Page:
The recommended sentence under the guidelines shoots up to 90 to 108 months—the range the line prosecutors recommended for Mr. Stone—when threats are involved. But it’s obvious such higher sentences are meant to be imposed only when the threats are real. In this case, the witness was on record as saying he didn’t take them seriously.
The prosecutors’ initial sentencing memo was far from a dispassionate discussion of facts and law. It suggested a link between Mr. Stone and “foreign election interference,” which, quoting Federalist No. 68, it characterized as the “most deadly adversary of republican government,” although the proof never tied Mr. Stone to any such activity. The prosecutors dismissed the witness’s testimony by asserting that a threat doesn’t have to be serious to justify additional years in prison.
Prosecutors are supposed to seek justice, not to play the Sentencing Guidelines as a pinball machine, seeing how many times they can ring the bell, or to use a sentencing recommendation to put public pressure on the judge for a harsh sentence. In a highly publicized and politically fraught case, it was not only proper but advisable for the attorney general to ensure that the government’s sentencing recommendation not serve such unworthy ends.
The much-publicized letter from former Justice Department employees is a curious document. The signers seek to inoculate themselves from criticism as politically motivated by pointing out that many served under Republican attorneys general. Still, it’s hard to escape the impression that the letter writers think of themselves as an elite clerisy, gifted with a superior understanding that should dictate the management of all cases.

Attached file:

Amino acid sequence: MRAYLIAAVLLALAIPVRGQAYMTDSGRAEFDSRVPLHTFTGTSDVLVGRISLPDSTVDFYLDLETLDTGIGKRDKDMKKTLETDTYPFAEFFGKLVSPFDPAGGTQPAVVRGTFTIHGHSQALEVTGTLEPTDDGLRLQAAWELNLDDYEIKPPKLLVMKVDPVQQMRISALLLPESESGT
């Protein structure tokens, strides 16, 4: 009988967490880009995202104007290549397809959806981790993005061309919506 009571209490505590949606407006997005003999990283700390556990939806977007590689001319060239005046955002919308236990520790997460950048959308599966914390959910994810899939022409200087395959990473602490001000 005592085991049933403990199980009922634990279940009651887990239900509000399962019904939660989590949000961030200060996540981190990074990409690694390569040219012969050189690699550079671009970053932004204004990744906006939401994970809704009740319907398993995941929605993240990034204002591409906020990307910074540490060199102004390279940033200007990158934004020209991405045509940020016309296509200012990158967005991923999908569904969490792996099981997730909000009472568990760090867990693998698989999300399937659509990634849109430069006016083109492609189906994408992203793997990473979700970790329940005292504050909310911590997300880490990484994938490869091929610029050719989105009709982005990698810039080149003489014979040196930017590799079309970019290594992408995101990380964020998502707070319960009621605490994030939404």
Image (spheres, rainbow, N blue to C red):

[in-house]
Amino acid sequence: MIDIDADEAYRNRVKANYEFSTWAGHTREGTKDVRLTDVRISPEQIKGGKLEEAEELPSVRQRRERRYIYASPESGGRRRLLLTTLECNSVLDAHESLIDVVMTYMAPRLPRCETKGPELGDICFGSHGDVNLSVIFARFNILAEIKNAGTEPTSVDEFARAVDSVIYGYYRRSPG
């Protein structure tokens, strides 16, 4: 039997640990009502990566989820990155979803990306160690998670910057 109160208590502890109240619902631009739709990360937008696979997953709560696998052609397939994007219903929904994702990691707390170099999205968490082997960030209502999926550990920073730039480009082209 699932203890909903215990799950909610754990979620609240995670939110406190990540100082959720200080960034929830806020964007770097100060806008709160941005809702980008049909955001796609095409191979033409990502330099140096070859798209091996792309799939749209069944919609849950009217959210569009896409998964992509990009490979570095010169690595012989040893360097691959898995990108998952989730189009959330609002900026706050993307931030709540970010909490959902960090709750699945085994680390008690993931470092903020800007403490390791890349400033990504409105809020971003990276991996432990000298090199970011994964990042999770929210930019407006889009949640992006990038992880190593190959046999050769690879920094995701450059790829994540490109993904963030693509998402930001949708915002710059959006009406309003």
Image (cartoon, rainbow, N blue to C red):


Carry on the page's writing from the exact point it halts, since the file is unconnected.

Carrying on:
The letter writers cite their oath and urge colleagues still at the department to follow it. But it’s lawless to encourage Justice Department lawyers to defy their supervisors, up to and including the attorney general, who take the same oath.
All that said, the president has severely burdened Mr. Barr’s conduct of his office by repeatedly sounding off about pending cases. He has justified his comments by saying he is the highest law-enforcement officer in the land, and that’s technically true. But it cuts against the president’s narrow interest in at least two ways.
First, he has at least the same obligation as any other actor in the law-enforcement hierarchy to refrain from statements that could prejudice anyone’s chance to get an impartial hearing. Whether he likes it or not, courts will enforce that obligation if he violates it, whether by dismissing charges or by taking other steps to undo any damage.
Second, the attorney general and others at the Justice Department must consider whether public confidence in the department will be shaken if their decisions agree with the president’s expressed views. That would have the perverse effect of encouraging Justice Department decisions with which the president disagrees.
Mr. Barr has agreed to testify before the House Judiciary Committee on March 31. We have no doubt he will do so with the same integrity, and clarity of thought and word he has shown thus far. Frankly, we can’t wait.
This piece originally appeared in The Wall Street Journal on 2/23/20